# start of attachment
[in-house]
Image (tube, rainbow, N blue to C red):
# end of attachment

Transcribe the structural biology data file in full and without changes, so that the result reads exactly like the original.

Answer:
[in-house]
Image (tube, rainbow, N blue to C red):